Representative Plays

Representative Plays

Representative Plays

Representative Plays

Excerpt

"L'art pour l'art," ("art for art's sake"), -- three utterly meaningless words Dumas fils declared them half a century ago, when he was fighting in play, feuilleton and preface for the ideas of love, marriage and divorce which his plays presented and defended.

Not "art for art's sake," not "man for art's sake," but "art for man's sake" he insisted should be the slogan for any thoughtful dramatist closely observing his time and seeking painstakingly to depict some of his problems. Differ from Dumas fils as Mr. Galsworthy undoubtedly does in subjects and artistic methods, nevertheless it is "art for man's sake" which is the essence of his work. He has himself said that "he is not conscious of any desire to solve problems in his plays, or to effect direct reforms. His only ambition in drama is to present truth as he sees it and, gripping with it his readers or his audience, to produce in them a sort of mental ferment whereby vision may be enlarged, imagination livened, and understanding promoted." Clearly Mr. Galsworthy believes what many a coworker in the drama has come to believe in the past twenty years, that the province of the dramatist is not to preach definite reforms, but to arrest attention and stimulate thinking on the conditions depicted.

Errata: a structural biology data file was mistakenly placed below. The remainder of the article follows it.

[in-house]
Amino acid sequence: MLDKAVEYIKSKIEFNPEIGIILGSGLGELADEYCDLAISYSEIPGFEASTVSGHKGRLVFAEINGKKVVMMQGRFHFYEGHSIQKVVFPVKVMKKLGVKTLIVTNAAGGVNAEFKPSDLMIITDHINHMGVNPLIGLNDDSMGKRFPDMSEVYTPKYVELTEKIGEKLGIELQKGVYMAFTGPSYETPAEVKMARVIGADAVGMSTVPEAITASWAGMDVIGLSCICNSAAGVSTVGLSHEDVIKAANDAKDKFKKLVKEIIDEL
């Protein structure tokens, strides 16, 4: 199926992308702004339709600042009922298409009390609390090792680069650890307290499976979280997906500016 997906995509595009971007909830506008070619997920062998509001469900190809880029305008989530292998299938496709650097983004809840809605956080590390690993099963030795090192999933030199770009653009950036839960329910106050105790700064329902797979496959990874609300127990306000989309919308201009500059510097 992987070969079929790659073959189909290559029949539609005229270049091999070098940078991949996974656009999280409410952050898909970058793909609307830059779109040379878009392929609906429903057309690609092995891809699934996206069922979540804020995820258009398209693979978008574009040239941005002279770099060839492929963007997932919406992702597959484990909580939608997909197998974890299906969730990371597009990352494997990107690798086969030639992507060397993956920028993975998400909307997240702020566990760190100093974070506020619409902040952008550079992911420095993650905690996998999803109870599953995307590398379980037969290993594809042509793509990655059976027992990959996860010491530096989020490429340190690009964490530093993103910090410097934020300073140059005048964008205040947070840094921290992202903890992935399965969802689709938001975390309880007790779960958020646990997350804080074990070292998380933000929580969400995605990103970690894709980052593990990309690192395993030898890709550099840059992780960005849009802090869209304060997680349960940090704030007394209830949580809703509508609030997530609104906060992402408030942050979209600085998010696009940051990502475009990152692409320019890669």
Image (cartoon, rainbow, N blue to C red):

Born at Coombe, Surrey, in 1867, passing his childhood in a cultivated home, educated at Oxford, taking at New College an Honor degree in Law, he would seem destined . . .

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